As I prepare to be part of TEDx in Maastricht on April 2, with some follow-on sessions at Radboud University Nijmegen Medical Centre, I am reminded of the important World War II battle that took place at nearby Arnhem, depicted in the movie A Bridge Too Far. The movie documents a number of organizational problems among the Allied forces that could have led to disaster. The military leaders engage in the worse form of groupthink and, like doctors who are trapped by diagnostic anchoring, chose to believe only the evidence that supports their conclusions, notwithstanding evidence to the contrary. They also suffer from the kind of hierarchical communications failure that we often see in hospitals, the sort that Crew Resource Management has been shown to forestall.
The Germans, expecting the invasion to be led by tank-master general Patton, decide to "rest" their major tank battalion in Arnhem. The British and Americans are convinced that the German force is very weak in that location -- just "Hitler youth or old men" -- notwithstanding reports from the Dutch Underground that the area is heavily reinforced and commanded by a senior German general. The Allies plan on dropping paratroopers eight miles (!) from the bridge in Arnhem, which they will get to and then hold until reinforcements arrive.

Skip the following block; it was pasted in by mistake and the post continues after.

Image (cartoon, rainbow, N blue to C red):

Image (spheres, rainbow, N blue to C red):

A young English intelligence officer, Major Fuller, is worried and gets permission to send in a low-altitude survey flight, which takes pictures of the tanks. In this segment of the movie (starting at 6:31), his commanding officer, General Browning, refuses to believe the evidence, notwithstanding visual proof supporting the Underground's reports. Among other things, he doesn't want to be the one to tell Field Marshall Montgomery that the attack should be called off.
In an earlier segment, too, British officers conclude that the portable radios given to the paratroopers are not likely to work for the long distance from the drop zone to the Arnhem bridge amid the water and trees of the Netherlands. The officers choose not to rock the boat and do not convey their concerns up the chain of command.
Luckily this all turned out all right, if you ignore the wasted human lives that resulted from all these miscalculations and miscommunications. In war, it seems, as in hospitals, the reaction is often "these things happen." But as documented in this movie, they don't have to.
If you cannot see the video, click here.